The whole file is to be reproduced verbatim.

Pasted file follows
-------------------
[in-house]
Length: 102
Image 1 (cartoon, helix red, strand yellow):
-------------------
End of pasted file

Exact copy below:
[in-house]
Length: 102
Image 1 (cartoon, helix red, strand yellow):